It’s been an interesting month to be collecting the history of the mid-Hudson Valley of New York State. Random searches online found a variety of broadsides and ephemera that fit into a project I’m working on for 7 of the counties that border the Hudson River.
The first relates to the business history of Dutchess County. It’s a small broadside, 9 ½” x 12 ½” for a Hemp Dressing Machine, now established at the Village of Rhinebeck in 1824. In this period commerce was expanding unevenly. Boats could carry cargo but rope was needed to secure them. [David Lesser]
I also purchased 4 items from Bartleby Books of Washington, D.C.
Lake Minnewaska House, Minnewaska, Ulster County, New York. A promotional piece advertising the 1886 season for the then 7 year old resort. I was boatman at Wildmere in the summer of 1965 and lived at Cliff House where I was first a waiter before becoming Boatman. A lovely memory, an incredibly beautiful place.
During the War of 1812 an act laying an embargo on all ships and vessels and requiring a permission from the Collector of the port of New York to ply the Hudson River. This certificate was issued to the Fairplay on 24 December, 1813.
Last Warning! Look on these Facts. Issued at Rochester in Ulster County by order of the Committee of Correspondence. It is undated but appears to date to 1774. It is a conspicuously local piece and needs to be thoroughly studied.
The fourth piece is “The Carrier’s Address, to the Patrons of the Poughkeepsie Journal”, January 1, 1802. I have bound volumes of many of the early years of the Journal but I’ve never seen an example of their carrier address which was a plea/request for generosity for those who deliver the newspaper, then a weekly. Most Carrier’s Addresses, then and later, were smaller. This one is 17” x 10.5”. It’s a lovely find.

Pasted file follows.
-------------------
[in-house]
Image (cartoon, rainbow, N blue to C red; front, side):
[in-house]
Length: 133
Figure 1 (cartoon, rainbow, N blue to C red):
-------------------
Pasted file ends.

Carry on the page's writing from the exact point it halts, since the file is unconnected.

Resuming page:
And there is 1 more item. It’s from another ABAA dealer, Jeffrey Marks, of Rochester, New York. It is 9 issues of the Normal School Review which was published at New Paltz, New York for its nascent college community in the 1890s. I’ve seen this printing before. When a kid I cleaned attics and was hired by the Reisner family to clear out the very dusty attic of their very old home. There I found early records of what was then “the normal school,” today the university. Among them were copies of this same publication which Mrs. Reisner gave me and which I still have. This additional group was $31.63. It feels like a homecoming.
All of these items come from established dealers, all members of the ABAA.
Intense collecting often, perhaps invariably, includes ephemera. Local history relies on it.